Poetry Challenge #71-Lists

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January is a month of lists: resolutions, goals, projects, groceries.

Poetry Challenge #71

Lists

You can write list poems over and over with different results every time.

  1. Begin with any topic and list things it makes you think of as quickly as you can.

  2. Next go through the list and pick out one or more things that stick out for you.

  3. Try making a list from the thing you picked out.

  4. What does that thing make you think of?

  5. Why did you pick it?

  6. Add detail.

  7. Use your senses.

  8. Play with rhythm or rhyme.

Here are a couple prompts you can use to start if you want:

I like…
I wish I liked…
I remember…

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Set the timer for 7 minutes.

Start writing!

Don’t think about it too much; just do it.

*Cindy Faughnan and I resolved to begin this 7-Minute Poetry Challenge more than 1010 days ago! We now take turns creating our own prompts to share with you. If you join us in the 7-Minute Poetry Challenge let us know by posting the title, a note, or if you want, the whole poem in the comments.

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Potato Chips, Penicillin, Post-It Notes, W-D 40 . . . 2014?

Potato Chips . . . 

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Penicillin . . . 

Post-it Notes . . . 

The Slinky . . . 

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Goodreads kick-started my 2014 with this quotation from author Neil Gaiman:

“I hope that in this year to come, you make mistakes. Because if you are making mistakes...you're Doing Something.”

That quotation haunt-taunted me through these last days of holiday and first days of this new year.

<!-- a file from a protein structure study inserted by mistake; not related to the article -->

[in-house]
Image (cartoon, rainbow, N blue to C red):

We celebrated the start of 2014 at a New Year’s brunch at friends, Joy & Michael’s new Kentucky home. Curtis and I were newcomers to the group. Lots of “news” at the launch of this year promising much change and challenge. Finding myself alone with one of the guests, I resisted the urge to withdraw into a dice-and-slice frenzy and instead tried to strike up a conversation by asking her if she’d made a resolution. It’s usual to make resolutions on New Year’s, isn’t it?

Big mistake! She doesn’t make resolutions. Doesn’t believe in them. Think’s they are stupid. A waste of time. Did I want to know why? Because we always break them, of course. Resolutions are made-to-be-BROKEN Blah, blah, blah blah-baaaaa. . .

I was feeling sorry for having tried starting that conversation when she added something that made me think maybe my resolution conversation starter wasn’t a mistake.

Turns out that morning on one of the “Morning Shows” (she watches several) the featured guest was some author who’d written some book about this very topic and he said (or so I deduced):

Along with making resolutions we need to “sweep away crumbs in our way” by resolving to stop doing whatever it is that is taking up the time during which we will do what we resolve to do.

Along with making resolutions we need to “sweep away crumbs in our way” by resolving to stop doing whatever it is that is taking up the time during which we will do what we resolve to do.

 A crumb. A take-away that bonded with Gaiman’s salutation the way 2 Hs bond with an O. Refreshing!

Spray W-D 40 on any surface & wipe. It will clear away even rusty crumbs.

W-D 40   will clean mineral build-up off glass shower doors, too. And kill cockroaches, remove gum from hair, keep squirrels from raiding bird feeders (spray   W-D 40   on the top of the feeder and “The pesky squirrels will slide right off.”

W-D 40 will clean mineral build-up off glass shower doors, too. And kill cockroaches, remove gum from hair, keep squirrels from raiding bird feeders (spray W-D 40 on the top of the feeder and “The pesky squirrels will slide right off.”

But, what do W-D 40, Potato Chips, Penicillin, Post-it Notes or The Slinky have to do with New Years? Resolutions? Or Neil Gaiman’s quote? Why should we even give a crumb?

All of these things along with The Pacemaker, Chocolate Chip Cookies, plastic and who know what other inventions were created by MISTAKE. Failed tries. Miss takes

Take One! Take Two! 

"I'm Ready for my Close-up!"     Take 40 . . .  

"I'm Ready for my Close-up!"    Take 40 . . . 

In W-D 40’s case, 39 failed tries by chemist Norm Larsen to prevent corrosion by displacing water.